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Proveris Scientific Corp. v. Innovasystems, Inc.

United States Court of Appeals, Federal Circuit

January 13, 2014

PROVERIS SCIENTIFIC CORPORATION (formerly known as Image Therm Engineering, Inc.), Plaintiff-Cross-Appellant,
v.
INNOVASYSTEMS, INC., Defendant-Appellant.

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[Copyrighted Material Omitted]

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Susan Hanmer Farina, Proveris Scientific Corporation, of Marlborough, MA, argued for plaintiff-cross-appellant. With her on the brief was Victor H. Polk, Jr., Greenberg Traurig LLP, of Boston, MA.

Joseph F. Posillico, Fox Rothschild, LLP, of Philadelphia, PA, argued for defendant-appellant. With him on the brief was Frank T. Carroll.

Before LOURIE, SCHALL, and PROST, Circuit Judges.

PROST, Circuit Judge.

Innovasystems, Inc. (" Innova" ) appeals from two final judgments of the U.S. District Court for the District of Massachusetts holding Innova in contempt of that court's May 11, 2007 injunction and awarding sanctions in the amount of $878,205. Proveris Scientific Corp. (" Proveris" ) cross-appeals the district court's denial of sanctions for certain of Innova's sales. Because we conclude that the district court erred in failing to construe the disputed claim language, we vacate the contempt order and remand for claim construction and renewed contempt proceedings.

BACKGROUND

Proveris is the owner of U.S. Patent No. 6,785,400 (" '400 patent" ). The ' 400 patent relates to a mechanism for evaluating aerosol spray plumes. The apparatus claimed therein is used to observe the delivery of drugs that are administered through spray devices, such as inhalers or nasal sprays. The invention involves triggering a spray plume and collecting data on the plume via an illumination device and an imaging device.

Innova previously made and sold a device known as the Optical Spray Analyzer (" OSA" ). In 2005, Proveris filed a patent infringement lawsuit against Innova, alleging that the OSA product infringed the '400 patent. Innova conceded infringement of claims 3-10 and 13, but disputed infringement of claims 1-2. The district court excluded the testimony of Innova's experts and consequently ruled in favor of Proveris on invalidity. After a jury trial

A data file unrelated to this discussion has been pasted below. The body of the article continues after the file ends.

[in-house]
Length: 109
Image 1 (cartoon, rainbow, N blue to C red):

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on the remaining issues, the jury found that Innova did not infringe claims 1 or 2, and that no damages had been proven. However, based on the conceded infringement of claims 3-10 and 13, the district court granted Proveris a permanent injunction prohibiting Innova from " making, using, selling, offering for sale or importing into or exporting out of the United States" the OSA product. We affirmed. Proveris Scientific Corp. v. Innovasystems, Inc., 536 F.3d 1256 (Fed.Cir.2008).

After that time, Innova modified its OSA product and began selling a new product known as the Aerosol Drug Spray Analyzer (" ADSA" ) that it argues does not infringe independent claim 3 of the '400 patent. Innova claims that the OSA product allowed a user to identify what range of images he or she wanted to analyze before activating the spray plume, while the ADSA device requires the user to first activate the spray plume and then later determine what range of images he or she would like to analyze. It contends that this is a significant modification that renders the ADSA device non-infringing because the preamble of claim 3 specifies that the image data may be captured " at a predetermined instant in time."

Proveris disagreed with Innova's interpretation of that claim language and in March 2010 filed a contempt motion based on Innova's manufacture and sale of the ADSA product. The district court initially scheduled a Markman hearing to construe the disputed claim term, but ultimately ruled that, because Innova could have raised claim construction issues in the underlying infringement action, the court would not construe claim 3 or import a limitation from the preamble of claim 3. The district court also said that, because Innova had already attempted to challenge the validity of claim 3 during the underlying infringement action, it could not now raise new invalidity arguments during the contempt proceedings. On the merits, the district court entered a contempt order against Innova, thereby implicitly finding that the ADSA product was not more than colorably different from the infringing OSA product and that it, too, infringed the '400 patent.

A bench trial was then held on the issue of sanctions. The court found that Innova's violation of the injunction had been willful and ordered disgorgement of any profits Innova had acquired from sales of the ADSA product. Proveris also sought to recover profits from Innova's sale of various component parts to overseas locations, but the district court ruled that those actions did not fall within the scope of the injunction, so Proveris would have to establish liability in a separate action before damages could be awarded for those sales.

Innova has appealed both the contempt order and the ensuing sanctions. Proveris has cross-appealed certain aspects of the ...


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